As is shown in FIGS. 4 and 5, the high-frequency radiator is connected via a coaxial plug 1 of a coaxial cable to the diathermy apparatus comprising the microwave generator. The inner conductor 5' may be prolonged by a screw-threaded rod, which operates as a coupling pin 5. In order to obtain a wider band with this arrangement, this rod is screwed, as stated above, in a cylindrical block 6. The resonator is made of sheet iron. The resonant cavity is short-circuited in a sectional area on the side 2, whereas the other side is covered by a diaphragm 2 with a H-slot 10. For the electrical prolongation of the minimum distance between the diaphragm and the surface to be irradiated, at Plexiglas block 4 is applied to the diaphragm 2, which block urges at the same time the diaphragm sheet against the flange surfaces 20 of the resonant cavity. The length of the coupling pin 5, measured away from the resonator wall, the distance between the axis of the coupling pin and the resonator short-circuit 2' and the dielectric envelope 6 of the coupling pin may be slightly varied in accordance with the various values influencing the adaptation to a wide range, without detracting from the advantageous properties of the novel highfrequency radiator. The Plexiglas block 4 may be replaced, if desired, by a cover plate of Plexiglas of a thickness of a few millimeters. In order to concentrate the radiation beam in the vicinity field to a sectional area of, for example 30 x 30 mm. a diaphragm having an H- shaped slot as shown in FIG. 6 is particularly advantageous, but under given conditions, for example different concentration requirements, the other shapes of diaphrag-ms shown may be effectively employed.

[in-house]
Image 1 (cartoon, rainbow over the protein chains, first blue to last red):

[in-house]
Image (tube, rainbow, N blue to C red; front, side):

What is claimed is:
1. A high frequency radiator for providing radiation to heat treat small body surfaces, said radiator comprising a cavity resonator having at least one terminal wall, coupling means to couple said resonator to a source of high frequency energy to provide electromagnetic oscillations having a predetermined operational frequency within said cavity resonator, and means to transmit externally a predetermined amount of the energy produced by said electromagnetic oscillations to provide said radiation, said means to transmit comprising an H-shaped aperture disposed on said one terminal wall and adapted to be in resonance with said operational frequency.
2. A high frequency radiator according to claim 1 wherein said cavity resonator further comprises a duct member having a first pair of mutually parallel walls, a second pair of mutually parallel walls disposed at right angles to the walls of said first pair and a third pair of walls disposed at right angles to the respective walls of said first and second pairs, one of the walls of said third pair comprising said one terminal wall having said H- shaped aperture, and said means for coupling comprising a coupling element normal to one of the Walls of said first and second pairs and adapted to extend into said cavity resonator.
3. A high frequency radiator according to claim 1 wherein the crossbar portion of said H-shaped aperture has a relatively narrow width dimension and the vertical leg portions of said H-shaped member have relatively large length dimensions.
4. A high frequency radiator according to claim 1 further comprising a dielectric member disposed on said one terminal wall having said aperture.
5. A high frequency radiator according to claim 2 wherein said coupling means further comprises a cylindrically shaped dielectric member having a hollow portion and disposed within said cavity resonator, and said coupling element further comprises a pin adapted to be disposed in said hollow portion.
References Cited in the file of this patent UNITED STATES PATENTS 2,190,712 Hansen Feb. 20, 1940 2,200,023 Dallenbach May 7, 1940 2,515,683 Acosta July 18, 1950
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|International Classification||A61N5/04, H01Q13/18|
|Cooperative Classification||A61N5/04, H01Q13/18|
|European Classification||A61N5/04, H01Q13/18|